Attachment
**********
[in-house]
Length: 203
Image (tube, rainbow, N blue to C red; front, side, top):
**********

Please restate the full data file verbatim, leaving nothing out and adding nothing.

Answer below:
[in-house]
Length: 203
Image (tube, rainbow, N blue to C red; front, side, top):